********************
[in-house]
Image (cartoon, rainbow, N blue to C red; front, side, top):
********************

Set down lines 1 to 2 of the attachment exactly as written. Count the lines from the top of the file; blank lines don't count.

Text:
[in-house]
Image (cartoon, rainbow, N blue to C red; front, side, top):